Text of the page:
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Sharing my findings

With the current vocabulary, I will say that I am a “data scientist”, i.e. a scientist who plays with data. This website is my modest participation in sharing science… I write articles with R scripts in it, mapping and things related to marine science research and spatialized data modeling. There are also some Bayesian models, some achievements with R-shiny and other things to share…
Some scripts are supplemental material for my scientific publications,

Open-source projects

I have some personal open-source projects.
As a former researcher, I decided to share my R-scripts as R libraries. I cannot say these are proper libraries but at least the code is available. Have a look at the following packages:

  • SDMSelect: 1. Covariate selection procedures on GLM and GAM. 2. Species distribution modelling.
  • GeoDist: 1. Calculate distances between points when there are obstacles. 2. Modifications of {geoR} functions to allow for custom distances.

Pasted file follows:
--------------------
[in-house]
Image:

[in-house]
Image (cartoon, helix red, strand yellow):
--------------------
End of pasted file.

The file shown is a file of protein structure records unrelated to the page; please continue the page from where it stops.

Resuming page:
I also use Hugo for this website, which made me work on my own template:

Other projects are available on my Github account.

Who am I?

Deep inside, I am a scientist. Indeed, I have a master in agronomy and a PhD in marine biology. But data analysis and R diverted me a little from my original objectives. I left the world of marine biology research to join ThinkR. We do consultancy of all kinds but 100% with R. We also do training at all levels to R.
As a result, I continue to share my knowledge through trainings. And of course, I do data analysis and visualization. And I love it! I still play with maps and models. So that I still have some material for this blog where I can share my findings and other tips. Mainly on R of course!

Enjoy your reading!

Sébastien Rochette

3D representation of abundance predictions of Laminaria in Morlaix (France)

Figure 1: 3D representation of abundance predictions of Laminaria in Morlaix (France)

Jeff Leek, on simplystatistics.org

If every method in every stats journal was implemented in a corresponding R package (easy), was required to have a companion document that was a tutorial on how to use the software (easy), included a reference to how to cite the paper if you used the software (easy) and the paper/tutorial was posted to the relevant message boards for the communities of interest (easy) that journal would see a dramatic bump in its impact factor.